It started with an observation and a question. The end result could help save a life.

Addison Salski, an Iowa State student with a heart condition, didn’t have an automated external defibrillator (AED) near her room in Birch Hall. “I’m always looking around to see where they are at –it really catches my attention,” she said. “I’ve walked through (Birch) for months and never really saw one anywhere. This building probably isn’t the only one like that.”

Salski is a member of the President Leadership Class. At a meeting last December, she brought up her concern. “We talk about how to benefit the community and what we would change on campus and that’s how this came up, she said. “Can anyone raise your hand and tell me if they have seen an AED in their dorm – none of them could.”

President Wintersteen promptly connected her with staff from the Department of Residence (DOR) and the Department of Environmental Health and Safety (EH&S). After evaluating other locations with long travel distances, it was decided to add eight new AEDs in other locations to improve AED accessibility in residence halls. The first of which was installed in Salski’s residence hall, one floor below her room, on Wednesday, Feb. 15. Salski had the honor of placing the new AED in the cabinet.

Addison Salski places a new automated external defibrillator (AED) in her dorm. Salski’s leadership helped get eight new AEDs added to the existing machiens in residence halls on campus.

“I didn’t think anything would come out of it,” she said. To physically put it in — WOW — something that I’m really passionate about, I’m making a difference and it’s only freshman year.”

“The health and safety of our residents is paramount. We greatly appreciate their active participation in maintaining and improving life safety in the residence halls,” said Greg Cross, Assistant Director for Safety Programs for Campus Life. “Addison raised a concern, and DOR and EH&S collaborated to quickly resolve the issue.  I want to thank all involved for their hard work and dedication.”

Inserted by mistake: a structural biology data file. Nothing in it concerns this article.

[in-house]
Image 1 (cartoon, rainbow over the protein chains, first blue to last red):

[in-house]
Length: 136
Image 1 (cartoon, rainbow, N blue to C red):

First of Eight New AEDs

“When AEDs were first added to residence halls in 2017, they were placed near hall desk for familiarity,” said Alex Wiley, a fire and life safety specialist in EH&S. “While this was a good start, could still be a long distance away, like in Addison’s case.”

The DOR was able to purchase the new AEDS. The remaining seven will be placed will be placed once the cabinets have been hooked up to the campus system. New locations include Maple, Willow, Larch, Barton and Freeman halls. “It’s really cool to get this done quickly and take advantage of the moment,” said Wiley.

American Heart Month

February is American Heart Month, a time dedicated to raising awareness of heart conditions and heart health. Salksi has been doing that her whole life.

“Heart health is a topic for everyone, even if they are not diagnosed with a heart condition,” Salksi said. “Knowing how to use an AED, where the nearest one is, and why it is important are topics that need to be talked about more.”

At about the age of two, Salski was diagnosed with idiopathic ventricular tachycardia, which causes a rapid heart rate that, if sustained, may lead to serious problems like fainting, loss of consciousness, or cardiac arrest. It was necessary for her family to obtain an AED, but her parents quickly realized the difficulty of doing so. Insurance plans don’t cover AEDs, which can cost up to $1,500. Salski’s parents saw this as an opportunity to help other families facing similar challenges.

“I didn’t think anything would come out of it … To physically put it in — WOW — something that I’m really passionate about, I’m making a difference and it’s only freshman year.”

Addison Salski

In 2013, Salski’s parents founded Big Dreams for Little Hearts, a non-profit organization that raises money to donate AEDs to children with heart conditions, so that they could help provide peace of mind to other families. Now, Salski spreads that same mission on Iowa State’s campus.

“I knew that someday a student could show up just like me, hoping for that sense of safety and security,” said Salski, who serves as president of Big Dreams for Little Hearts’ board. “I wanted to provide that safety for any university student just as Big Dreams has for over 30 families.”

Salski expressed that having an AED in her residence hall won’t just benefit her in an emergency. An AED can be used in any situation where someone experiences cardiac arrest, which is “just as important for people of any age, with or without a health problem,” she said.

Salski encouraged students who want to improve health and safety on campus that “there is nothing too big, or impossible even, on such a large campus…Iowa State is open and welcoming to new ideas, and when it comes to the health and safety of students, they are more than willing to listen.”